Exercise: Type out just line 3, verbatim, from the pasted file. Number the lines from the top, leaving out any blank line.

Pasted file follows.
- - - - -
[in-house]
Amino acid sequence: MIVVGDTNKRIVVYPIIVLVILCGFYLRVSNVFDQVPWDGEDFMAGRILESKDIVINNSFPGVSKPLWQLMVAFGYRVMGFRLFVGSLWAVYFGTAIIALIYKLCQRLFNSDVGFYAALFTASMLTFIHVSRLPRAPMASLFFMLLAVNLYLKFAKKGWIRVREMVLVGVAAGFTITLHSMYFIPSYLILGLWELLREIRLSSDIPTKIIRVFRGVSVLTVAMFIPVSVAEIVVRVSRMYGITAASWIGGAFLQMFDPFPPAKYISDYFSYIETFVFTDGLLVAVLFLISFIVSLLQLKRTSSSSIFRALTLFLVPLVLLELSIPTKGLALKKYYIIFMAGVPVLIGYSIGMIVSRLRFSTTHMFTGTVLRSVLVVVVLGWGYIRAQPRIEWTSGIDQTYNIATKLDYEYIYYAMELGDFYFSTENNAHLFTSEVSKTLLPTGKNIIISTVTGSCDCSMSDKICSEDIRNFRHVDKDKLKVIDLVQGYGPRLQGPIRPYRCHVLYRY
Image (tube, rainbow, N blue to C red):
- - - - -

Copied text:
Image (tube, rainbow, N blue to C red):